Graham Ross (physicist)
|Alma mater||University of Aberdeen (BSc 1966)|
University of Oxford (D.Phil 1969)
|Institutions||University of Oxford|
|Doctoral advisor||Alan Martin |
Ross is known for constructing models of fundamental interactions and verifying them by experimentation. With others, he predicted that gluon radiation would generate collimated jets of particles in electron–positron annihilation, which subsequently established the existence of the gluon. He made contributions to the foundation of the perturbative treatment of quantum chromodynamics, applying it to high-energy processes and developing connections with the low-energy quark model. He developed predictions of unified models of the fundamental forces for polarised lepton scattering, for sin2θW, for proton decay, and for inflationary cosmology. He discovered that in supersymmetric models, the electroweak symmetry can be broken by quantum effects, and he was among the first researchers to develop models based on this idea.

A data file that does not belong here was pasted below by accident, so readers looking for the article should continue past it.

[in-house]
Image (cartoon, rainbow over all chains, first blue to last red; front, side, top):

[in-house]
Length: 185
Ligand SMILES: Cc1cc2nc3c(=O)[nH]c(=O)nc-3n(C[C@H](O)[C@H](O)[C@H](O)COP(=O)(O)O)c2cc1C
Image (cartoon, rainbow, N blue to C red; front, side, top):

Awards and honours
Ross was elected a Fellow of the Royal Society (FRS) in 1991. In 2012 he was given the Dirac Medal by the Institute of Physics for his theoretical work in developing both the Standard Model of fundamental particles and forces and theories beyond the Standard Model that have led to many new insights into the origins and nature of the universe.
- Ross, Prof. Graham Garland. ukwhoswho.com. Who's Who. 2017 (online ed.). A & C Black, an imprint of Bloomsbury Publishing plc. (subscription required)
- Graham G. Ross at the Mathematics Genealogy Project
- Staff profile, Oxford University, retrieved 2016-02-28
- "Graham Ross". London: Royal Society. One or more of the preceding sentences may incorporate text from the royalsociety.org website where "all text published under the heading 'Biography' on Fellow profile pages is available under Creative Commons Attribution 4.0 International License." Royal Society Terms, conditions and policies at the Wayback Machine (archived 2017-07-10), "Intellectual property rights"
- Graham Ross, The Royal Society
- 2012 Dirac medal, Institute of Physics, retrieved 2016-02-28